Spitfire List Web site and blog of anti-fascist researcher and radio personality Dave Emory.

For The Record  

FTR #903 Daniel Hopsicker on Donald Trump and How He Is Going to Make America Great Again

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This pro­gram was record­ed in one, 60-minute seg­ment.

One of our hair­craft is miss­ing . . .

Intro­duc­tion: With the sup­posed “out­sider” Don­ald Trump hav­ing locked up the Repub­li­can nom­i­na­tion, we take a look at the under­bel­ly of Trump’s busi­ness career. Not­ed for his sup­posed busi­ness acu­men, Trump has ben­e­fit­ed from finan­cial deal­ings with orga­nized crime fig­ures and peo­ple with long-stand­ing intel­li­gence con­nec­tions. Under­ly­ing his asso­ci­a­tions are rela­tion­ships stretch­ing back to the secret­ing of Axis loot dur­ing, and after, World War II.

Do not fail to note that real estate projects and gam­bling casi­nos are major vehi­cles for laun­der­ing money–the avail­able evi­dence sug­gests that Trump’s busi­ness deal­ings may well have been mon­ey laun­der­ing oper­a­tions.

Some of these peo­ple may even make it into a Trump cab­i­net, such as Trea­sury-Sec­re­tary-to-be Carl Icahn: ” . . . There’s Trump bud­dy, and favorite for a Cab­i­net post  in a Trump Admin­is­tra­tion, shady financier Carl Icahn, whose check­ered career may final­ly get the atten­tion it deserves. Exam­ple: Icahn made a $100 mil­lion invest­ment in a bogus St. Peters­burg Flori­da com­pa­ny whose only “prod­uct” turned out to be 5.5 tons of cocaine bust­ed on a com­pa­ny plane. The plane, a DC‑9, was also used to give ille­gal free rides dur­ing the 2000 elec­tion to soon-to-be Flori­da Sen­a­tor and lat­er nation­wide GOP Cam­paign Finance Chair Mel Mar­tinez. . . .”

Iran-Con­tra scan­dal play­er Adnan Khashog­gi is also a Trump crony. (Khashog­gi has also been among the financiers of Al-Qae­da, AND the so-called “Truther” move­ment.) ” . . . . And there’s Sau­di wheel­er-deal­er Adnan Khashog­gi, who sold Trump his yacht at a bar­gain-base­ment price, win­ters in Palm Beach, and is sim­i­lar­ly fab­u­lous. . . .”

In his Atlantic City oper­a­tions, Trump ben­e­fit­ed from a mob-linked milieu: ” . . . . in Atlantic City New Jer­sey a crowd gath­ers at the launch of  New Jersey’s glitzi­est new hotel/casino, “Harrah’s Trump Plaza” to hear the Gov­er­nor and Atlantic City’s May­or heap praise on Don­ald Trump for invest­ing in the future of Atlantic City.Trump wasn’t a tycoon yet, just a bud­ding real estate wun­derkind. . . .

The land where Trump Plaza stands in Atlantic City was owned at the time by sev­er­al Trump part­ners. One, Dan Sul­li­van,   was a Team­sters offi­cial and friend of Jim­my Hof­fa whose arrest record, accord­ing to “Board­walk Jun­gle” by Ovid Des­maris, includ­ed “imper­son­at­ing a police offi­cer, lar­ce­ny, grand lar­ce­ny, felo­nious assault and pos­ses­sion of a dan­ger­ous weapon.”

Sul­li­van was also famous, at least in cer­tain cir­cles (see clip­ping below) as the last per­son to have seen a dis­si­dent Team­ster lawyer named Abra­ham Bau­man alive. “Bau­man dis­ap­peared after speak­ing with Sul­li­van,” read a Casi­no Gam­ing Com­mis­sion report. “Nei­ther he nor his body were ever found.”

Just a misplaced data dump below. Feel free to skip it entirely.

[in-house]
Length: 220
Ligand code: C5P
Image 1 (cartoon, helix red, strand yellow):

“Nei­ther he nor his body.” 

Mankind is grate­ful New Jer­sey state troop­ers nev­er found one with­out find­ing the oth­er, mak­ing it clear that one big rea­son for Trump’s envi­able suc­cess there is that state offi­cials were—and, prob­a­bly, still are—morons.

Being the last per­son seen with a guy every­one pre­sumes is dead can be quite a bur­den.

Dan Sul­li­van shoul­dered it man­ful­ly. He was a use­ful per­son to know, with excel­lent con­nec­tions on the labor nego­ti­a­tion front. He had influ­ence with Mob-run unions like the Team­sters; Labor­ers Inter­na­tion­al; and Hotel & Restau­rant Employ­ees.

So on a build­ing project expe­ri­enc­ing bar­gain­ing prob­lems with the hotel and restau­rant work­ers union, Trump arranged for Sul­li­van to be hired as a labor nego­tia­tor.

“Trump advised [the FBI] that [Sul­li­van] is involved as a labor con­sul­tant to their firm,” not­ed a Sep­tem­ber 1986 FBI memo.

The role of “labor con­sul­tant,”  some­one spe­cial­iz­ing in pro­duc­ing “labor peace” on large con­struc­tion projects, can be fraught with dan­ger.  But the FBI showed itself to be under­stand­ing of peo­ple whose jobs involve poten­tial­ly ques­tion­able activ­i­ties.

“They are aware that it is a very rough busi­ness and that [Sul­li­van] knows peo­ple, some of whom may be unsa­vory by the sim­ple nature of their busi­ness,” stat­ed the FBI memo. . . . Trump told the New Jer­sey Casi­no Com­mis­sion he met Sul­li­van “prob­a­bly at one of the clos­ings or dur­ing nego­ti­a­tions, let’s say, and then ulti­mate­ly at the clos­ings for Hol­i­day Inn’s par­cel. He had the mid­dle par­cel. With­out that piece in the  mid­dle the deal wouldn’t have worked.”

For his part, Sul­li­van con­firmed to The Casi­no Com­mis­sion that he hadn’t met Trump until their nego­ti­a­tions for the land beneath Trump Tow­ers. But a smirk­ing Sul­li­van lat­er called Trump “an old friend from New York. . . .”

These con­nec­tions are rep­re­sen­ta­tive of Trump busi­ness asso­ci­a­tions. He also had what might be described as a “sweet­heart deal’ with Hol­i­day Inn: ” . . . . News­day report­ed that no oth­er com­mer­cial devel­op­er had ever received a tax abate­ment from the city, yet Trump was award­ed a 40-year tax abate­ment on the Grand Hyatt Hotel which saved him $3 mil­lion a year. The Wall Street Jour­nal called it “the tax deal of the cen­tu­ry.” Yet local activists com­plained Trump that despite the huge tax breaks he got in Atlantic City, he gave noth­ing back to the city. All that mon­ey went some­where. But where? When Trump Plaza final­ly closed amid Atlantic City’s crum­bling casi­no scene, the hotel “The Don­ald” built for $250 mil­lion back in 1984, couldn’t fetch $20 mil­lion at auc­tion. . . .”

Trump begun buy­ing prop­er­ties in Atlantic City in the ear­ly 1980s, but didn’t build a casi­no until he had a part­ner, Hol­i­day Inn, which already owned Harrah’s Casi­nos, that was a lock to win reg­u­la­to­ry approval from New Jer­sey offi­cials.